International collaboration is essential during vaccine approval and testing. Candidate vaccines must be evaluated on a global scale to establish how effective and safe they are. If knowledge between scientists is not shared, this may lead to the development of a weak vaccine (Momtazmanesh et al., 2020). The ongoing competition between countries with many pursuing geopolitical agendas has widened the gap between science, diplomacy and the health sector (Fidler, 2020). Inadequate dialogue, characterized by competitiveness and little or no trust will result in negative outcomes for all parties.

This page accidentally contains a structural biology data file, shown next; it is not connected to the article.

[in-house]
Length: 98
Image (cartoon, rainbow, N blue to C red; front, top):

This time like no other demands for countries to work together on vaccine development and implementation. The speed with which scientists shared the initial genomic sequence of the COVID-19 virus was an example of a strong collaborative effort (Momtazmanesh et al., 2020). This allowed researchers to study the virus, its mutation rates and capacity to spread. The WHO was key in uniting global efforts and supplying resources to more than one hundred countries in need (Momtazmanesh et al., 2020). International organizations have played a key role in the management of the pandemic and their guidance is fundamental in vaccine development.